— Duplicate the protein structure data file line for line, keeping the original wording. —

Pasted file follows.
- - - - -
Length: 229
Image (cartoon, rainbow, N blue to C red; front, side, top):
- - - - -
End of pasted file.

Length: 229
Image (cartoon, rainbow, N blue to C red; front, side, top):